Behavioral flexibility is manipulatable and it improves flexibility and problem solving in a new context: post-hoc analyses of the components of behavioral flexibility

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Dieter Lukas , Kelsey McCune, Aaron Blaisdell, Zoe Johnson-Ulrich, Maggie MacPherson, Benjamin M Seitz, August Sevchik, Corina J Logan 


Behavioral flexibility, adapting behavior to changing situations, is hypothesized to be related to adapting to new environments and geographic range expansions. However, flexibility is rarely directly tested in a way that allows insight into how flexibility works. Research on great-tailed grackles, a bird species that has rapidly expanded their range into North America over the past 140 years, shows that grackle flexibility is manipulatable using colored tube reversal learning and that flexibility is generalizable across contexts multi-access box). Here, we use these grackle results to conduct a set of posthoc analyses using a model that breaks down performance on the reversal learning task into different components. We show that the rate of learning to be attracted to an option (phi) is a stronger predictor of reversal performance than the rate of deviating from learned attractions that were rewarded (lambda). This result was supported in simulations and in the data from the grackles: learning rates in the manipulated grackles doubled by the end of the manipulation compared to control grackles, while the rate of deviation slightly decreased. Grackles with intermediate rates of deviation in their last reversal, independently of whether they had gone through the serial reversal manipulation, solved fewer loci on the plastic and wooden multi-access boxes, and those with intermediate learning rates in their last reversal were faster to attempt a new locus on both multi-access boxes. These findings provide additional insights into how grackles changed their behavior when conditions changed. Their ability to rapidly change their learned associations validates that the manipulation had an effect on the cognitive ability we think of as flexibility.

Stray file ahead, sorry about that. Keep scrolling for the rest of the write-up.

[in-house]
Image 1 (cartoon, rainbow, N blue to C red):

Behavior and Ethology, Ecology and Evolutionary Biology, Life Sciences



Published: 2022-08-10 21:39


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